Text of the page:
Certified Genetic Counselor; Clinical Coordinator, Pediatric Genetics; Coordinator of Genetic Services; Genetic Counselor; Hereditary Cancer Program Coordinator; Medical Science Liaison; Prenatal and Pediatric Genetic Counselor; Reproductive Genetic Counseling Coordinator; Senior Genetic Counselor; Staff Genetic Counselor, Genomic Medicine Genetic Counselors, Neurogenetic Counselor
School Psychologist, Psychology Teacher-Postsecondary, Family and General Practitioner, Advanced Practice Psychiatric Nurse, Naturopathic Physician
The trade associations listed below represent organizations made up of people (members) who work and promote advancement in the field. Members are very interested in telling others about their work and about careers in those areas. As well, trade associations provide opportunities for organizational networking and learning more about the field’s trends and directions.
- American Board of Genetic Counseling - This non-profit organization’s mission is to protect the public by setting certification standards and providing leadership to promote the value of certified genetic counselors.
- National Society of Genetic Counselors - NSGC promotes the professional interests of genetic counselors and provides a network for professional communications. Access to continuing education opportunities, professional resources, advocacy and the discussion of all issues relevant to human genetics and the genetic counseling profession are an integral part of belonging to the NSGC.
- Society for Birth Defects Research & Prevention - This organization is the premier source for cutting-edge research and authoritative information related to birth defects and other disorders of developmental origin.
- The American Society of Human Genetics - This organization’s mission is to advance human genetics and genomics in science, health, and society through excellence in research, education, and advocacy. Students with an interest in this field should check out the K-12 Education Programs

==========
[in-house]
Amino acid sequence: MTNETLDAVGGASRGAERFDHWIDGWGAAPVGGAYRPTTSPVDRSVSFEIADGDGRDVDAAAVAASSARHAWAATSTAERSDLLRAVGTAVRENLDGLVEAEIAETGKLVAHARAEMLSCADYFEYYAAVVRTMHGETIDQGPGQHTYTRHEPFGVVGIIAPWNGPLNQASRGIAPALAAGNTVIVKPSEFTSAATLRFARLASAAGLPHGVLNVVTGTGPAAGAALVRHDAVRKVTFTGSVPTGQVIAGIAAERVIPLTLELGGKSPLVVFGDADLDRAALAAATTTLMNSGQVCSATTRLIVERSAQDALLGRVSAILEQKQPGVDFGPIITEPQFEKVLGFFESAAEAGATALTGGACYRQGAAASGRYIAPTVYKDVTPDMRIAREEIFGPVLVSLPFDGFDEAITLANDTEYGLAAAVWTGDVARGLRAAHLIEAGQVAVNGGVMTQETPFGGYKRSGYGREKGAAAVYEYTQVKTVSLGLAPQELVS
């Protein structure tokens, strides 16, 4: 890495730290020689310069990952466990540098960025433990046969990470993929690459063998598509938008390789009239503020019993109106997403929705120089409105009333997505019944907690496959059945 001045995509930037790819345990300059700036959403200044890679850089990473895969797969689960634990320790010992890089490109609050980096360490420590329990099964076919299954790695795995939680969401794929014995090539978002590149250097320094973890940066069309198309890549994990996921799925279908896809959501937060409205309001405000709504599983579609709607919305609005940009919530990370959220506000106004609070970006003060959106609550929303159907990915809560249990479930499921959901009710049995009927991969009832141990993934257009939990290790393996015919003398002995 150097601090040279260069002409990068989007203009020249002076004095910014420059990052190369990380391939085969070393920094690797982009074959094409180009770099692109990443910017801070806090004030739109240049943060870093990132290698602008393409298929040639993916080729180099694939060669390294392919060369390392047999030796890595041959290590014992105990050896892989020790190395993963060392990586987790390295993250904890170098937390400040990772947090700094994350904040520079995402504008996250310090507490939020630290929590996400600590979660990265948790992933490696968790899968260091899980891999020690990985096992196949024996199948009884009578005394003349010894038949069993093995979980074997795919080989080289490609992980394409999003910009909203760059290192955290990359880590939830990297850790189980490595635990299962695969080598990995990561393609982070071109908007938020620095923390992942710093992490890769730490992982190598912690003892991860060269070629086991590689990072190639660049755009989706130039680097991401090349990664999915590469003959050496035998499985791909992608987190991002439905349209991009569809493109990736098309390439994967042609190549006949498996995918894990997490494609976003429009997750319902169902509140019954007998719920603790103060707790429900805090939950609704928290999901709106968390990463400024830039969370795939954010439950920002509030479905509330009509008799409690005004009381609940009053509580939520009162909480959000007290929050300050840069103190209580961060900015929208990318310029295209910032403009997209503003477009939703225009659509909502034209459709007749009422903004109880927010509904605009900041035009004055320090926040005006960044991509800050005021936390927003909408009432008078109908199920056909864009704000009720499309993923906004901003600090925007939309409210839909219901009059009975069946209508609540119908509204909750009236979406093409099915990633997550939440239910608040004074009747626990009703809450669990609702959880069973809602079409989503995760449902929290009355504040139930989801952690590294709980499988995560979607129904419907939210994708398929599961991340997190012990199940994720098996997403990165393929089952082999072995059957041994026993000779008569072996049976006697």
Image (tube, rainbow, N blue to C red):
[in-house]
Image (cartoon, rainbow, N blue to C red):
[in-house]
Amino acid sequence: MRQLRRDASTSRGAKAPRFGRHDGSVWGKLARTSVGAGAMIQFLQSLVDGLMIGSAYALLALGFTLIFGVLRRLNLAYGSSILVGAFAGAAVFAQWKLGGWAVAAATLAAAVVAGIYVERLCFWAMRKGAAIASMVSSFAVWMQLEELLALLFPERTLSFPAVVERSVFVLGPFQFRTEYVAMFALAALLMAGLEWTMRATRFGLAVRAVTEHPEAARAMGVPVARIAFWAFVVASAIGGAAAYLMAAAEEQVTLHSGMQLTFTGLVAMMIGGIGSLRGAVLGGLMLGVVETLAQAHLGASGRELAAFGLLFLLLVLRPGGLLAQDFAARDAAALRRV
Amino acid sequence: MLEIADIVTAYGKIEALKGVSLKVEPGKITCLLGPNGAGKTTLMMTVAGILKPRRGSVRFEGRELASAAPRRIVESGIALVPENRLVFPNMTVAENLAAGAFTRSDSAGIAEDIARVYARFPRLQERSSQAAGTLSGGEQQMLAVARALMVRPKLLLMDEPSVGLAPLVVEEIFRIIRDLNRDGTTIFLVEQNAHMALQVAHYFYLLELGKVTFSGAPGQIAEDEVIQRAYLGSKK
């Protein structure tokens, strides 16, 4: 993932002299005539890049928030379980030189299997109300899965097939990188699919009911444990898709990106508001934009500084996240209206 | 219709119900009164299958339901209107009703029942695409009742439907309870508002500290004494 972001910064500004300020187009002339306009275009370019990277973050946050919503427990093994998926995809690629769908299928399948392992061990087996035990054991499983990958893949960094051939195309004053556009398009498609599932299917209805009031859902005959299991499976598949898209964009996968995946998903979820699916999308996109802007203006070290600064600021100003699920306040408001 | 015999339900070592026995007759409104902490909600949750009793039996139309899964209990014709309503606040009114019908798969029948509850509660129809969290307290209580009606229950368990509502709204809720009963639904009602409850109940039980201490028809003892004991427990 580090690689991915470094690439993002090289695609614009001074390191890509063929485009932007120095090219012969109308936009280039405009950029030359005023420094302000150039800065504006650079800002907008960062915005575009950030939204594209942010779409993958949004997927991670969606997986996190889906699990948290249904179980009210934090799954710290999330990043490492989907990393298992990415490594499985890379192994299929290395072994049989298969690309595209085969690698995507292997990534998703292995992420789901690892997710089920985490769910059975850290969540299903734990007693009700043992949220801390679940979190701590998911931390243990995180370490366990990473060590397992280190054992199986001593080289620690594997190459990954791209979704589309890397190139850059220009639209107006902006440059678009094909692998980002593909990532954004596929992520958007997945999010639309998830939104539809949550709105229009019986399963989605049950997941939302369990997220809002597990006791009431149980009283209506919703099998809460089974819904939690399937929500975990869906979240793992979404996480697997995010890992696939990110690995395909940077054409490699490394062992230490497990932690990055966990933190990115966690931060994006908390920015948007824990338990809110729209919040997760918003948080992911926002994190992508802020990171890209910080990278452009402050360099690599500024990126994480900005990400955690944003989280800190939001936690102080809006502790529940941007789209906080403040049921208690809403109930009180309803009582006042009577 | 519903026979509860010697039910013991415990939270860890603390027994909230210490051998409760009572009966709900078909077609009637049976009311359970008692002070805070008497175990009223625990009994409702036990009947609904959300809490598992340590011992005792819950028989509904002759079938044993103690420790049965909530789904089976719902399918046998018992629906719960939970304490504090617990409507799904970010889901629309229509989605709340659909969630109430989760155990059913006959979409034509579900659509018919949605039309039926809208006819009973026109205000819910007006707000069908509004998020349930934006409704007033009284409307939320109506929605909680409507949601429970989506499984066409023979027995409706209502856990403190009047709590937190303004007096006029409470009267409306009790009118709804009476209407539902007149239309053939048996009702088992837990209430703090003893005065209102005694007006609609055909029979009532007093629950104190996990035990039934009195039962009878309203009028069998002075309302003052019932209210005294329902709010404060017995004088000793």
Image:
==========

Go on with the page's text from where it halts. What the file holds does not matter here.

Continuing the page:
Magazines and Publications
- Genome Magazine
- NSGC Journal of Genetic Counseling
- Birth Defects Research Journal (SBDRP)
- Genes and Development Journal
- Developmental Biology Journal
- American Journal of Human Genetics
Genetic counselors have an ability to see into the future… the future of our health, that is. Genetic counselors analyze genetic information to assess a patient’s risk for a variety of conditions, offering helpful information and advice to patients and other healthcare professionals. Genetic counselors often divide their time between their lab and an office where they meet with patients. They write detailed reports and treatment plans that simplify genetic concepts and explain the pros and cons of different testing options. These professionals have frequent contact with their patients, from the initial interview for medical history, to providing resources, treatment options, and reassurance. They work in a variety of settings, including university medical centers, hospitals, physicians’ offices, and diagnostic labs. Entering this field requires a master’s degree and a professional certification in genetic counseling. Some states require a license. Staying up to date with current scientific literature is a must. At the end of the day, genetic counselors must be compassionate in delivering sensitive findings, think critically about the risks of conditions and treatments for their patients, and clearly explain the health choices – which are ultimately up to the patient to make.
Content retrieved from: US Bureau of Labor Statistics-OOH www.bls.gov/ooh,
CareerOne Stop www.careeronestop.org, O*Net Online www.onetonline.org